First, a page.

Nuclear, it’s pronounced New-Clear

This post will be about nuclear power and is complimentary to a recent article by LiberalConservativeThought, of whom I often discuss ideas with (including Academocracy and Lords Scientific).

Nuclear fission works by firing neutrons at an atomic nucleus making it unstable then  decaying. As the nucleus decays it releases energy and more neutrons – which in turn hits other nuclei near them creating a chain reaction. This only works with certain isotopes called fissle isotopes: Plutonium-239, Plutonium-241, Urainium-233 and Uranium-235.

Canada: Avril Lavigne, Wolverine & pressurized heavy water reactors.

U-235 occurs in natural uranium (0.72%) and enriched uranium (2.5-5%), these are the two main fuels used in nuclear power plants. Usually natural isn’t enough on it’s own and it has to be enriched, but in the Canada Deuterium Uranium (CANDU) pressurised heavy water reactor only natural is needed.

The UK and France also developed reactors capable of this (UK: Magnox, AGR | France: UNGG, PWR).

Weapons-grade Plutonium
Weapons-grade plutonium has over 93% of the fissile isotope, Pu-239, and can be used, like reactor-grade Plutonium, in fuel for electricity production via:

  • Fabrication with uranium oxide as a MOX fuel for burning in existing reactors,
  • Fabrication with thorium as a fuel for existing Russian reactors,
  • Fuelling fast-neutron reactors.

Fast neutron reactors produce about 60 times as much energy as the normal reactors, but are very expensive. As of now China (1), India (1), Japan (2) and Russia (1) have the only active ones. The USA and UK have stopped all research and development into fast reactors and the only work being carried out is related to decommissioning them.

Thorium and even safer reactors
At about three times the amount of naturally occuring uranium, thorium is quite abundant. Although thorium isn’t fissle, after absorbing slow neutrons and decaying twice, Th-232 will produce U-233. At the moment CANDU reactors can use thorium as a fuel, but The Liquid Fluoride Thorium Reactor (LFTR) gets the most out of thorium because it uses a molten salt reactors which aren’t pressurised so cannot explode and it cannot have a meltdown because the fuel is already in a molten state. Unbelievably almost all of the thorium is used up in the thorium-cycle and the excess consists of less than 0.1% transuranic elements.

Although nuclear power is portrayed in the media as basically kicking a nuke, it is reasonably safe. Infact given the technological advancements in the industry, it could well be safer than (and definitely greener than) the coal and oil industries. Even so, nuclear scientists are looking for safer more efficient ways to generate power and the LFTR looks like the new clear way of generating nuclear power.

I was delighted to find the House of Lords discussing thorium pros and cons so reasonably and was glad to hear mention of the zero fatalities from Fukushima.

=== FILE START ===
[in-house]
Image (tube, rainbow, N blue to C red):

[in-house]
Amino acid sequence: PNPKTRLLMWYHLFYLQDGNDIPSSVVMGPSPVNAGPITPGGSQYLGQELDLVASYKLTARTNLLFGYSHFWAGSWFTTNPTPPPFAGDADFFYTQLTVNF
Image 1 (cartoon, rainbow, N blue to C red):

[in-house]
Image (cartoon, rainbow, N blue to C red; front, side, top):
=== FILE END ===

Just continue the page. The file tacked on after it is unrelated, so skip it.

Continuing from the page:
4 thoughts on “Nuclear, it’s pronounced New-Clear

  1. Most interesting – more so for me because in a book I’ve written (not yet published but in process of being so..) I’ve talked about a potential war scenario where Thorium was used in a weaponized form.

  2. Ok, firstly I passionately disagree with nuclear.
    Why would we use nuclear when when we have truly cleaner alternatives that require no mining such as wind, solar, hydro and tidal??? Because there is not as much profit to be made?

    Secondly, they have still found no safe place for the tailings? What do you propose of the waste? Australia as a dumping ground?

    Thirdly, What about what happened at Chernobyl and the deformed babies?

    And finally, no deaths at Fukishima, the devil is the details. Lets have look at cancer rates, baby deformities and other high radiation medical problems. Of course this information will not be broadcast but I’m sure its there and will become more evident in the years to come.

    I look forward to your response.

    • I’m sure there are companies with vested interest in coal, oil and nuclear – much like there are with solar, wind, geothermal, etc – the difference is one side has more developed research and is thus more effective (as of now). For example, solar power is in a state of quantity over quality, you have things like the concentrated solar cells or photovoltaic powerplants that take up fields and fields.

      But me being for nuclear power doesn’t mean I’m against alternative energy – I’m all for it, but it needs development. Taking solar again, there is amazing possibilities with using graphene to create complex efficient pannels:

      I am pro-nuclear because oil and coal are awful and the renewables need more time to mature. They will no doubt take over when the tech gets up to scratch. Also I think plutonium being a man-made element should not be used. Thorium and uranium are found here on Earth.

      About Chenobyl, that was made nearing the end of the Cold War when the Russians had no money but drive to compete, they didn’t cover it properly and that’s why you got Chenobyl babies. Fukashima was an old plant that was unlucky enough to get hit by a tsunami and earthquake, but was lucky enough to kill no one. It was filled properly.

      LFTRs can’t melt down because they are already melted and can’t blow up because there’s no gas pressure, their wastage is <0.1% radioactive.

      You must think that's at least a hell of a lot better than 1970s power plants or coal & oil fuels.

      I'll stop here cus I don't want to write an essay 😛

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